"Jazz Fest Part Two" is that gift of one more weekend of festival magic. You know I will be there; in part, thanks to a boss who understands that it's my jam, my nourishment, and the single most important annual event for my soul. This is not an exaggeration. Every year by the time Jazz Fest rolls along, I am at that near depletion point of patience and loyalty to my town. I am dehydrated and in need of the magical healing that I find in abundance within those gates of the Fair Grounds-my Holy Land. There, I quench my thirst for music and so much more.
Of course, this city and its people dazzle me throughout the year. However, there is such an uphill climb and struggle daily, as our unique town is far from easy. Yet, if one takes a moment every day to look, listen, and lean into her, this town will always remind you, even on a hard day, that nowhere else is as profoundly real and special. But just as one needs a vacation from their job and routine, regardless of where they hail from, I need a respite from the negative, and I need this immersion into "all that is good" about my home and my people. This festival is my vacation, my personal reboot. In over thirty years' worth of Jazz Festing, I could count on one hand the rare moments of rudeness or less-than-pleasant behavior encountered at this event. It's as though with every ticket purchase, a dose of cool is injected. Festers just seem to ebb and flow with the magical rhythms of this cultural gathering.
You might say, "Now, it's all fine and good to sing the praises and benefits of attending both weekends of Jazz Fest, but what if you can't afford it or don't have the time off?" Well, of course I get that. So I am here to deliver my annual "How to Vicariously Enjoy Jazz Fest." Whether or not you were lucky enough to participate directly within the gates of the New Orleans Jazz and Heritage Festival's last weekend, you might still—should still—be yearning for more of the entertainment and festive fun flowing through the fences surrounding it. Yes, the neighborhoods that encircle the Fair Grounds are rife with street music, porch parties, food and craft pop-ups, and entrepreneurs selling "bottles of water," aka cans of cold beer from ice chests. Most of the action takes place as the crowds leave the Fest daily between 5ish and 7ish. Just bring an appetite, a thirst, and some tipping money for the brass bands busking.
We've had two years of sluggish, at best, and downright devastating economic hemorrhaging of our local businesses, musicians, artists, salespersons, and all involved in our hospitality industry. Now it is time to catch a break. Our businesses and entrepreneurs need that break to recoup losses incurred during this pandemic and Hurricane Ida. So use this festival as a fun opportunity to spend some of your hard earned monies. No shame if you are on a tight budget, but do allocate a modest amount to buy a croissant at Leo's Bakery, a breakfast taco at Pagoda, a cup-of-Joe at one of the many locally-owned coffee shops in the hamlets surrounding Jazz Fest (Old Road, The Flag Pole, Fair Grinds, to name a few). Peruse the family-owned Terranova's (operating for nearly 100 years) and make it a future destination for making groceries. Sight-see this part of town, buy a book at Vera's Community Book Center on Bayou Road, drop by Liuzza's at the Track for that traditional festival bloody mary they mix so well. Okay, you get this, you see where I am going—I am going all over the map of worthy destinations for food, drink, and shopping. There is not enough space on this page to shout out all the folks and establishments that need your support-more than ever. No purchase is too small not to be appreciated.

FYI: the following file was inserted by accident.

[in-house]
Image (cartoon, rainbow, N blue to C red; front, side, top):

While "festing" along our streets and sidewalks, take a moment to enjoy the sheer beauty of our gardens, the funk of our front porches shaded by our proud Jazz Fest flags, and the flapping of blues and yellows in the breeze—our banners of shared solidarity. New Orleanians show off their allegiances, their personalities, their passions, but no neighborhood does this with such vast amounts of vigor and verve more than our Gentilly/7th Ward/touch of Treme/Bayou St. John/Mid-City melting pot of Jazz Fest hosts. We are the ambassadors for this Fest.
We all learned how to improvise during the Pandemic by Festing in Place, when WWOZ shared the archived recordings of decades of "live from the fest" music. This allowed us a way to celebrate while at home. For those unable to attend or venture into the streets of this fabulous neighborhood, you've got this. You've had two years of practice at the art of celebrating virtually. So if you live out of town, just stream WWOZ.org (if you live here, you already know this) and make yourself a mango freeze or try your hand at a recipe for Crawfish Monica. Heck, just pop a cold brew and toast to the talents performing and keeping the art of music active. And if you live here and have some evening time free, go support our music clubs and venues. So many performers at Jazz Fest have gigs at night and you never know what world famous musical luminary might just show up and sit in on a set. Just fest wherever you are!